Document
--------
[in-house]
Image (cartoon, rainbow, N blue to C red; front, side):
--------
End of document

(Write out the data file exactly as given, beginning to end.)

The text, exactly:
[in-house]
Image (cartoon, rainbow, N blue to C red; front, side):